Tuesday 14 June 2011

Killed: Great Journalism Too Hot to Print

Finished June 14
Killed: Great Journalism Too Hot to Print, edited by David Wallis
This is a book that has been on my shelf for a while and I finally pulled it down to read.
Wallis has gathered a number of articles commissioned from 1942 to 2003 by a variety of newspapers and magazines, but cancelled before making it to print. They vary widely in subject and were pulled for a number of reasons. Many of the would-be publications didn't give clear and honest reasons for the cancellation of the articles, and some were published later either in other publications, or in books.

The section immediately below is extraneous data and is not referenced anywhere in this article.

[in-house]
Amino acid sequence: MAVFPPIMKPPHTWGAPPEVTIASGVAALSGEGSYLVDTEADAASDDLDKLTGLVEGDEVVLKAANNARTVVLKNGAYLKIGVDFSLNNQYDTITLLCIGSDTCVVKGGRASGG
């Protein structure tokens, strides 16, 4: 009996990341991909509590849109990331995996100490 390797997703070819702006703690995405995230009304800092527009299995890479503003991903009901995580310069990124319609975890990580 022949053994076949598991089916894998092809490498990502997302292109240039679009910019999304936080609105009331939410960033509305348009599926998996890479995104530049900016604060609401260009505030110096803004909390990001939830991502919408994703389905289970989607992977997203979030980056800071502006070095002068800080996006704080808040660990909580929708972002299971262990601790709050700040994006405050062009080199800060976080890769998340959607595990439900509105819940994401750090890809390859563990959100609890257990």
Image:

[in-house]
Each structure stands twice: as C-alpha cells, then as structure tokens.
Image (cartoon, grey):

It was very interesting to read, and I learned a lot about a variety of issues and people. Politics keeps coming up here, whether it is government politics, business politics, or gender politics. It is interesting to see how fear limited the sharing of information, and see how the editorial process works. Self-censorship is one of the worst forms of censorship, based on fear of risk, whether it be of reader reaction, offended advertisers, or future access to those of importance.
I'm glad I read it.

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